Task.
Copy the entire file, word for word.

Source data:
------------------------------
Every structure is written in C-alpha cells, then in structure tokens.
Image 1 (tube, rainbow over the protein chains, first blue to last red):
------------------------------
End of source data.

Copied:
Every structure is written in C-alpha cells, then in structure tokens.
Image 1 (tube, rainbow over the protein chains, first blue to last red):